Fear and Loathing in the Pet Store
Exotic pets are often unfairly maligned and reviled by the public at large. But given a little education and some patience, even the most skittish of potential customers can learn to appreciate herptiles.
One of my all-time favorite customers was a mother-daughter team. Mom loved snakes but loathed spiders. Daughter was a devotee of eight-leggers but shuddered visibly at the sight of serpents. The two would stand at opposite ends of the counter to purchase supplies and, with some frequency, new pets. Only when all the purchases were safely bagged and out of sight would they come together, often leaving arm in arm. They loved each other dearly and had come to terms with their divergent taste in pets.
Any smart pet retailer will lay out their store with the exotics section discretely tucked toward the back of the store. Many who dote on their dogs, cats, birds, small animals and fish would rather shop elsewhere than come face to face with something as horrific as a garter snake or millipede. On the other hand, many people who find herps and the like repulsive will head straight to the exotics section to indulge in their desire to get creeped out. I see these people in my store every day, because the other side of the coin of fear is fascination.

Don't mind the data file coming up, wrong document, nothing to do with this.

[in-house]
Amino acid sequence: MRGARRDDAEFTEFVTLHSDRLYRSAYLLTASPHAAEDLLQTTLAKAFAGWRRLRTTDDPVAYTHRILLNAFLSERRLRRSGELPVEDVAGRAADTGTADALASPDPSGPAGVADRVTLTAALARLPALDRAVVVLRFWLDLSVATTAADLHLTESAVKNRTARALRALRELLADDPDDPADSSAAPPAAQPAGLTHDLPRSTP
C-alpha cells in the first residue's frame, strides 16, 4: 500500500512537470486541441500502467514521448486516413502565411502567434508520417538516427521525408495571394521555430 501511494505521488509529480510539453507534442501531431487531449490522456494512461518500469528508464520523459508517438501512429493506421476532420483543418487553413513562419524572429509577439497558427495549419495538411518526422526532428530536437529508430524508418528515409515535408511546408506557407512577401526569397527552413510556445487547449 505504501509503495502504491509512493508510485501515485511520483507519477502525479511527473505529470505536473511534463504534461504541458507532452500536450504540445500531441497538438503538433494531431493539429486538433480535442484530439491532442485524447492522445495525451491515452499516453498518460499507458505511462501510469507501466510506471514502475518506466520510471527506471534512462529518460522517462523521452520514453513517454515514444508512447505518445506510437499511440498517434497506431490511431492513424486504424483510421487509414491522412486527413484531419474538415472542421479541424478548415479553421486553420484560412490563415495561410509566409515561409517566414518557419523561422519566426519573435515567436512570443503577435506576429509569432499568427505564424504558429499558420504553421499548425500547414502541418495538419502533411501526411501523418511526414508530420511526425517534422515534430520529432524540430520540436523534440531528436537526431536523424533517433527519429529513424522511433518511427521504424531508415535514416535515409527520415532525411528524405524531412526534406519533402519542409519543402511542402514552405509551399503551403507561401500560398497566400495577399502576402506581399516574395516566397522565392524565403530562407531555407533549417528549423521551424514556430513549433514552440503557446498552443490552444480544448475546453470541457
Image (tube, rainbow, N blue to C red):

I do, on some level, understand these people. Everybody is afraid of something. For me personally, it’s horses and babies. That being said, I have ridden horses and held babies. I know that these fears have, at best, tenuous connections to reality. Likewise, the truth about almost all exotic pets is that the only time they will inflict harm on a human is when the human has crossed the line and frightened or hurt them. They generally only want to be left alone.
So, how do you deal with fear in the pet store? The answer is, as with most things, education. When I see someone in the store acting hysterical or, worse, teaching their child to act that way, I like to engage them, and as kindly as possible, present them with the facts. Whatever the source of their fear, the truth is usually a framework by which they can start to, if not dispel their fears, at least act more appropriately in my place of business.